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The photochemistry of carbon monoxide in the stratosphere and mesosphere evaluated from observations by the Microwave Limb Sounder on the Aura satellite

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Published copy (DOI)

Author(s)

  • K. Minschwaner
  • G. L. Manney
  • N. J. Livesey
  • H. C. Pumphrey
  • H. M. Pickett
  • L. Froidevaux
  • A. Lambert
  • M. J. Schwartz
  • P. F. Bernath
  • K. A. Walker
  • C. D. Boone

Department/unit(s)

Publication details

JournalJournal of Geophysical Research
DatePublished - 14 Jul 2010
Issue number13
Volume115
Number of pages9
Pages (from-to)-
Original languageEnglish

Abstract

The photochemical production and loss rates for carbon monoxide (CO) in the stratosphere and mesosphere are evaluated using measurements from the Aura Microwave Limb Sounder (MLS) and the Atmospheric Chemistry Experiment-Fourier Transform Spectrometer (ACE-FTS). The distributions of reactive trace gases involved in the photochemistry of CO, including OH, CH4, O(D-1), Cl, as well as temperatures for calculating reaction rates, are either directly observed or constrained from observations. We map the CO net production and loss as a function of pressure (10-0.02 hPa, about 30-75 km altitude), latitude (approximately +/- 70 degrees), and season. The results indicate that photochemical loss dominates over production for nearly all conditions considered here. A minimum photochemical loss lifetime of about 10 days occurs near the 2 hPa pressure level, and it follows the region of maximum sunlight exposure. At high latitudes during winter, the CO lifetime is generally longer than 30 days. Time scales become much shorter in spring, however, when CO lifetimes can be 15-20 days poleward of 60 degrees latitude in the upper stratosphere. On the basis of these results, CO is a suitable tracer during autumn to spring above the 0.1 hPa pressure level but not in the upper stratosphere near 1 hPa.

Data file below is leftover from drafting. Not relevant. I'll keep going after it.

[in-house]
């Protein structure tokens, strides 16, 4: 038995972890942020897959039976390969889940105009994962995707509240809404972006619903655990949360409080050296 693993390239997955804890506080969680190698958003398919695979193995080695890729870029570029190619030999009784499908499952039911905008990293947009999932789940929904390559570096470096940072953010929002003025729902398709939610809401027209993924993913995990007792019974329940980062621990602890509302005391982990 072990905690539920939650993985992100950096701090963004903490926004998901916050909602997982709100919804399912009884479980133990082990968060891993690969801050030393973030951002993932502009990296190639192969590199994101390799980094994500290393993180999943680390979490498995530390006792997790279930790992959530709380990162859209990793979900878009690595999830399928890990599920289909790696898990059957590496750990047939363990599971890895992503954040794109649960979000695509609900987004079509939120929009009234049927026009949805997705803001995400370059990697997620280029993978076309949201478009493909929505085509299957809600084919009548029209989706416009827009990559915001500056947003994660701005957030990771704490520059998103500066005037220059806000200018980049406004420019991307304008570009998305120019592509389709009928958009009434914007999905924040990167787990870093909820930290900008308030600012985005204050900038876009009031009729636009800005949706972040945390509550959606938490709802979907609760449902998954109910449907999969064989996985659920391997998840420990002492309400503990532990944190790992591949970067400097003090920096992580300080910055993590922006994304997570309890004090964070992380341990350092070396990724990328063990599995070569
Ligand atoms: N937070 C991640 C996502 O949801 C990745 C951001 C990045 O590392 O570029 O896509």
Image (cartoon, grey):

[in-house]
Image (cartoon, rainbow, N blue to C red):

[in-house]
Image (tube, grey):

Research areas

  • HALOGEN OCCULTATION EXPERIMENT, CROSS-SECTION MEASUREMENTS, LOWER THERMOSPHERE, MIDDLE ATMOSPHERE, TEMPERATURE-DEPENDENCE, TERRESTRIAL MESOSPHERE, CO, VARIABILITY, ABSORPTION, CH4

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